Kid Ory – live at The Beverly Cavern in Los Angeles and broadcast live over KGFJ and Armed Forces Radio in 1949. A lot of you, especially those of you just getting into Jazz, are going to listen to this and wonder what it’s doing here. You may not think this has a place alongside the John Coltrane’s, Sonny Rollins and Charles Mingus’s of the world. But you would be wrong – in fact Charles Mingus directly cites Kid Ory as a major influence in his musical upbringing.
Kid Ory was at Ground Zero – he goes back to the earliest days of Jazz; at its humble and raucous beginnings, in his band with the likes of King Oliver and Louis Armstrong which served as the launchpad for a number of Jazz greats who went on and forged paths of their own. This is the Roots Music of Jazz – much the same as just about every Rock Guitarist owes some level of playing or influence to Charlie Christian or Robert Johnson – it goes back that far.
Jazz is very much the same way. And even though you may want to dismiss this particular genre of music as “not very Jazz-like” from someone who may have grown up on a diet of Parker and Coltrane, you’d be missing the boat on one of the most essential elements – the springboard from which all that came later happened.
Kid Ory was an extraordinary musician with a long and legendary career. He was born in La Place, Louisiana in 1886. He started playing music with homemade instruments in his childhood, and by his teens was leading a well-regarded band in southeast Louisiana. He kept LaPlace, Louisiana, as his base of operations because of family obligations until his twenty-first birthday, when he moved his band to New Orleans. He was one of the most influential trombonists of early jazz.
Ory was a banjo player during his youth, and it is said that his ability to play the banjo helped him develop “tailgate”, a particular style of playing the trombone with a rhythmic line underneath the trumpets and cornets.
Ory had one of the best-known bands in New Orleans in the 1910s, hiring many of the great jazz musicians of the city, including the cornetists Joe “King” Oliver, Mutt Carey, and Louis Armstrong, who joined the band in 1919; and the clarinetists Johnny Dodds and Jimmie Noone.
In 1919, he moved to Los Angeles — one of a number of New Orleans musicians to do so near that time—and he recorded there in 1921 with a band that included Mutt Carey, the clarinetist and pianist Dink Johnson, and the string bassist Ed Garland. Garland and Carey were longtime associates who would still be playing with Ory during his 1940s comeback. While in Los Angeles, Ory and his band recorded two instrumentals, “Ory’s Creole Trombone” and “Society Blues”, as well as a number of songs. They were the first jazz recordings made on the West Coast by an African-American jazz band from New Orleans. His band recorded with Nordskog Records; Ory paid Nordskog for the pressings and then sold them with his own label, “Kid Ory’s Sunshine Orchestra”, at Spikes Brothers Music Store in Los Angeles.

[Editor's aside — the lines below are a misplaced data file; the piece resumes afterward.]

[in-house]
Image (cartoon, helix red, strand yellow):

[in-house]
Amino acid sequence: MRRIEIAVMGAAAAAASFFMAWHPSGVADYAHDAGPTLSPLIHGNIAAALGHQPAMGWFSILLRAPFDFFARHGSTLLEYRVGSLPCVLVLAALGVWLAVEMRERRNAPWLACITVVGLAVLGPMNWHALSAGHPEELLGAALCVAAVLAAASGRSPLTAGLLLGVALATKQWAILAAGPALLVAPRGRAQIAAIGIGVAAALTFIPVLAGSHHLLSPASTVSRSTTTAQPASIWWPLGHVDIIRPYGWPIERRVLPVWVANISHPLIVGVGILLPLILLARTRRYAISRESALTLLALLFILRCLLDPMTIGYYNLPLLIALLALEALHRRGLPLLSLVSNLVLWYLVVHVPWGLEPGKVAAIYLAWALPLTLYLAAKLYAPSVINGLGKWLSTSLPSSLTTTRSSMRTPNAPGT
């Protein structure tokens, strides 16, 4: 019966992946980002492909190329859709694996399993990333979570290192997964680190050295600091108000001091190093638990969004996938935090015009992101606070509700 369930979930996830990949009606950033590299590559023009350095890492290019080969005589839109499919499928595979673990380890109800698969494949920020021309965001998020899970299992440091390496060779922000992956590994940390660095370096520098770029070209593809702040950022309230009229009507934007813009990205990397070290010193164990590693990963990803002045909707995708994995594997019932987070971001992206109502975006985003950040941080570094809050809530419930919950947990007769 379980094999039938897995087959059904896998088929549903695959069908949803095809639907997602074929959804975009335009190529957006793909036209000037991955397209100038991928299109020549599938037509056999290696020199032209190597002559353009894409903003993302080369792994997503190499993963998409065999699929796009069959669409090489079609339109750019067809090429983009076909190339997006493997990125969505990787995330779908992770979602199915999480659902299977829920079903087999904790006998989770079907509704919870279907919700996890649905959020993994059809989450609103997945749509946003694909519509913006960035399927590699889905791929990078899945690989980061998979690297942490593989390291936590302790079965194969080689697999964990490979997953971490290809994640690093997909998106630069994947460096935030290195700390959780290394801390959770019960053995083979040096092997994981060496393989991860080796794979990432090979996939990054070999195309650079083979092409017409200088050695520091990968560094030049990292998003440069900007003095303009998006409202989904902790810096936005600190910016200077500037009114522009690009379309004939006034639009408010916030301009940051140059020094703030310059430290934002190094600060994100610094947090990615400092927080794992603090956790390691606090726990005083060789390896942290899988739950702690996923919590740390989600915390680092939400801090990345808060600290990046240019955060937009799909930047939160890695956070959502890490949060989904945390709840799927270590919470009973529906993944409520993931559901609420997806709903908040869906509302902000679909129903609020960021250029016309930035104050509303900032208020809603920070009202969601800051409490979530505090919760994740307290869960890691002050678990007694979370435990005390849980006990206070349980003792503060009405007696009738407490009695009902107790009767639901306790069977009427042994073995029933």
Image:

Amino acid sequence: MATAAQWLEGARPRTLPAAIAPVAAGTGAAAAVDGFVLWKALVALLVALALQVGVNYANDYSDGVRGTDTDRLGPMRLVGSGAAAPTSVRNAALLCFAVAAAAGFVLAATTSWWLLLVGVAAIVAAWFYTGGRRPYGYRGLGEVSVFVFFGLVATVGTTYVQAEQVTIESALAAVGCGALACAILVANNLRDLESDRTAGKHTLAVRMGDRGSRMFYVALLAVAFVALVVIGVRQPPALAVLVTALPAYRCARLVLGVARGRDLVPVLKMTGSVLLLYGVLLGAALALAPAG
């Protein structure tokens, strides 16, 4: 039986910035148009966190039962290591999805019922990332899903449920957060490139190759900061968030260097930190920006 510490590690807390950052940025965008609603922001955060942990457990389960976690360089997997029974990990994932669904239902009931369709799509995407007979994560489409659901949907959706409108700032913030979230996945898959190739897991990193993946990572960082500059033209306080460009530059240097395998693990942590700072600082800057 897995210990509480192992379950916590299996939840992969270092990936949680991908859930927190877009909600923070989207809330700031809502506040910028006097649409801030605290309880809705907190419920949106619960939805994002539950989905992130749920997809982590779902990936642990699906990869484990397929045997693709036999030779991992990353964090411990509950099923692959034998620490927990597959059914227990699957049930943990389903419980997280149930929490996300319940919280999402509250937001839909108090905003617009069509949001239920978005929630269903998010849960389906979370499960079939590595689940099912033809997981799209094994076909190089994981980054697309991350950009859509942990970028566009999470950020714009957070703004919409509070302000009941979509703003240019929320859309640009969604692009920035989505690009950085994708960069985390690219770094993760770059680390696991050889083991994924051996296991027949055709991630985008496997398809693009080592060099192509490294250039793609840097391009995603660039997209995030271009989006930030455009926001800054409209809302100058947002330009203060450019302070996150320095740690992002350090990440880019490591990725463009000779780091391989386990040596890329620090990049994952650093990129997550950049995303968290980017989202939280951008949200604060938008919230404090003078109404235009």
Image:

In 1925, Ory moved to Chicago, where he was very active, working and recording with Louis Armstrong, Jelly Roll Morton, Oliver, Johnny Dodds, Bessie Smith, Ma Rainey, and many others. He mentored Benny Goodman and, later, Charles Mingus.
During the Great Depression Ory retired from music and did not play again until 1943. He ran a chicken farm in California. From 1944 to about 1961 he led one of the top New Orleans–style bands of the period. His sidemen during this period included, In addition to Carey and Garland, the trumpeters Alvin Alcorn and Teddy Buckner; the clarinetists Darnell Howard, Jimmie Noone, Albert Nicholas, Barney Bigard, and George Probert; the pianists Buster Wilson, Cedric Haywood, and Don Ewell; and the drummer Minor Hall. All but Buckner, Probert, and Ewell were originally from New Orleans.
The Ory band was an important force in reviving interest in New Orleans jazz, making popular 1940s radio broadcasts—among them a number of slots on The Orson Welles Almanac program (beginning March 15, 1944). In 1944–45 the group made a series of recordings for Crescent Records, which was founded by Nesuhi Ertegun for the express purpose of recording Ory’s band. Ory retired from music in 1966 and spent his last years in Hawaii, with the assistance of Trummy Young. Ory died in Honolulu on January 23, 1973. He was buried at Holy Cross Cemetery in Culver City, California.
So, as a way of adding to your historic perspective on Jazz (if you aren’t already familiar) or to give you a sample of what the rather extensive Jazz scene was sounding like in Los Angeles in the 1940s, here is a broadcast from June 28, 1949 featuring Kid Ory and his band at the legendary Beverly Cavern in L.A. (long since gone).
Music History – pivotal moments – prime examples.